[16 May 2007]
McClatchy Newspapers (MCT)
Although just two networks, NBC and ABC, have announced their fall lineups so far this week, we can already say a couple of clear things about the coming season.
Superpowers are in. Serials are out. Almost all the serials from last season failed (with one influential exception, NBC’s “Heroes”), and NBC and ABC are not about to launch any more shows that require viewers to watch every week to not get left behind. See, TV execs can learn.
Both networks, and NBC in particular, also tried to solve their annual problem caused by making 22 episodes of a series, then stretching them through a nearly 40-week season. It’s a problem because - here’s a surprise - viewers don’t like repeats.
So the networks are concocting other ways to deal. Example two of: TV execs can learn. (Don’t get too excited on this front, however. We’ll get to that.)
NBC took the expensive route and ordered 25 new episodes of “My Name Is Earl” and 30 half hours of “The Office.” (Some of those will run together as full hours.)
ABC, which has tried a couple different approaches with “Lost,” intends to run that show straight through without repeats, then it will start the new “Lost” season sometime in early 2008, like the way Fox handles “24.”
And in the category of trying new tricks, NBC gets the big points for its attempt to keep “Heroes” feeling fresh. Besides 24 new episodes of the hit series, NBC will produce “Heroes: Origins,” a semi-spin-off of the show that will have six stand-alone episodes.
Each “Origins” hour will introduce a new character who exists in the “Heroes” universe but who won’t be part of the main show’s story arc. And viewers will be able to vote for their favorite “Origins” character, who will become part of the mother show the following season. It’s “Heroes” meets “American Idol.”
It’s looking like “Heroes” will have a pretty big impact on the whole fall season, and here is where the TV-execs-can-learn story ends. Last season’s serial frenzy started because execs tried to copy the earlier successes of Fox’s “24” and ABC’s “Lost.” Although the reason those shows were hits were that they were, a) good, and, b) unique, execs figured viewers wanted serials.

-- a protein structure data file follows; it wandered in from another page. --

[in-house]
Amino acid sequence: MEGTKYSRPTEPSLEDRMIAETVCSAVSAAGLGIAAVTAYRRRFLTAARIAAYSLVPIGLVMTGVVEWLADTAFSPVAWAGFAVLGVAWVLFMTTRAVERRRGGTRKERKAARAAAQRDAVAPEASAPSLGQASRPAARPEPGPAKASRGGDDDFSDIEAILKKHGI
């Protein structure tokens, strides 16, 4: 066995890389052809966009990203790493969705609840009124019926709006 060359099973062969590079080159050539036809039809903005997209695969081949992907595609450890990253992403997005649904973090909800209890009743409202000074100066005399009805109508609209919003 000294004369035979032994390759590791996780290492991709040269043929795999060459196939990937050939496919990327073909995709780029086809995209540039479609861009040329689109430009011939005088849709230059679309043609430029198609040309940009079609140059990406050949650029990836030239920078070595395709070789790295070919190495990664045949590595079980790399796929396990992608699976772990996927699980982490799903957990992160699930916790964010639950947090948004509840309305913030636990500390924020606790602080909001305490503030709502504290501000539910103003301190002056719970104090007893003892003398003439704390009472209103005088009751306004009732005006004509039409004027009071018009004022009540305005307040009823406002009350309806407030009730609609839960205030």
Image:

That kind of copy-the-last-hit thinking happens every season, and for the fall, it seems now execs and producers have decided viewers want superpowers.
So NBC has “Journeyman,” about a guy who can travel into the past (and where have we heard that before?), and “Chuck,” about a guy who somehow has a computer’s worth of spy info downloaded into his brain.
NBC is also picking up one of the two highest-profile new series, a remake of “Bionic Woman.” ABC has the other instantly noticeable new show, “Cavemen.” That’s the comedy based on the clever Geico commercials, and though it sounds like a bad idea, we are nothing if not open-minded, so we’ll wait to see the show before we make fun of it.
ABC picked up the “Grey’s Anatomy” spin-off, “Private Practice,” but the network was not immune to the let’s-copy-“Heroes” rush, because it also will have a new series called “Pushing Daisies,” which ABC describes as a blend of romance, crime procedural and fantasy. It’s about a man who can bring the dead back to life and who uses that power to solve murders.
The other streak running through the first of the lineup announcements is both expected and a good thing. Everyone in the TV business is looking at new ways to do things.
So besides the “Heroes: Origins” twist, both nets are making some original moves. The attempt with “Cavemen,” which may or may not work out, at least shows that ABC is willing to take a series from an unconventional source - in this case an ad agency writer.
And NBC is trying something with the “Law & Order” gang. In the fall, “L&O: Special Victims Unit” will be back in its regular Tuesday time slot; “Law & Order,” the original, will move to Sunday, but not until after the football season ends, and “L&O: Criminal Intent” will get a full 22-episode season on cable’s USA Network, then NBC will run those episodes, too (probably on Saturday nights, or to fill gaps).
Because of the lineup announcements, we have all kinds of fodder for What’d They Do to My Show?
Starting with NBC, in case you didn’t know, “Friday Night Lights” will be back in the fall. Other at-risk shows returning include “Scrubs” and “Medium.”
Not returning are “Crossing Jordan,” “The Black Donnellys,” “Raines,” and - please pause for a respectful moment of silence - “Studio 60 on the Sunset Strip.”
Among the shows NBC had already renewed before this week was “Las Vegas,” although it said James Caan would not return. Here’s the other shoe: Caan will be back for the season-opener (which won’t air until sometime mid-season), then be replaced by the ever-durable Tom Selleck.
And finally for NBC, the network has not decided whether “The Apprentice” will live or die. Either way, expect Donald Trump to find another excuse to brag.
As for ABC, it’s also bringing back “October Road” and “Notes From the Underbelly” at some point midseason. ABC execs could not explain why.
And ABC has canceled “George Lopez,” “Help Me Help You,” “Knights of Prosperity” and “What About Brian.” ABC is still deciding whether to cancel “According to Jim” or bring it back midseason.
Fox announced it will air the remaining episodes of the car-race drama “Drive,” though it will by just two more hours, it will be on one night, and that night will be July 4. Fox, clearly, is not big on this show.
“Drive” premiered and was then canceled within a couple weeks in April, and only six hours were produced. After July 4, that will be it.
If anyone was missing this - and if so, are you serious? - “The Real Wedding Crashers” was yanked off the air by NBC and canceled a week ago.
That was the show where couples allowed their own weddings to be punked, and you have to think the marital bliss of those couples is likely to last about as long as the show did. Or is that just me?